The Canterbury Tailspin on Truth

 

The Canterbury Tailspin on Truth

Author: 

Tony Perkins

Britain's archbishop of Canterbury is considered a "top religious authority" -- but after his latest interview, few understand why. The leader of the Church of England has absolutely no grasp on the biblical foundations of his faith, yet feels quite free criticizing Americans who do.

In an interview over the weekend, he lashed out at U.S. evangelicals for their enthusiastic support of President Trump -- seemingly clueless of all the administration has done to advance religious liberty and expression in America. The Most Rev. Justin Welby was asked about Christians' strong backing of Donald Trump on IVT's "Preston on Sunday" and replied, "There's two things going through my mind: Do I say what I think, or do I say what I should say? And I'm going to say what I think. No, I don't understand it. I really genuinely do not understand where that is coming from."

Well, the feeling is mutual. Evangelicals, who believe the Bible, were just as baffled by Webly's approval of same-sex marriage as the head of the Church of England. Calling them "right and proper," Welby also said that he couldn't "give a straight answer" on whether homosexual behavior is a sin. "I am having to struggle to be... faithful to Scripture," he told GQ. No kidding. As England's "spiritual leader," Welby ought to know better than anyone that the government can legalize a sinful act, but they can't make it morally right.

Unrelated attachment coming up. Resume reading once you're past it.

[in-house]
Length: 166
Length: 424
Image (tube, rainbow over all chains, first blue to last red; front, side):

Say what you will about Donald Trump, but there shouldn't be any mystery about his base's support – unless, as his statements suggest, Welby doesn't understand Christian orthodoxy. Listen to Trump's campaign promises, and then look at his administration's actions. He's pursuing policies on life and religious freedom that are more consistent with biblical principles than any president in decades. In all honesty, it's a sad commentary on the state of the church when politicians take positions that are more in line with biblical truth than its so-called leaders.

Tony Perkins is president of the Family Research Council in Washington.

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